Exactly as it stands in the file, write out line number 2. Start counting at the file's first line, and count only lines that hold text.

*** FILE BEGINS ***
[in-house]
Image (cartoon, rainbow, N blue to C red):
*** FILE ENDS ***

Image (cartoon, rainbow, N blue to C red):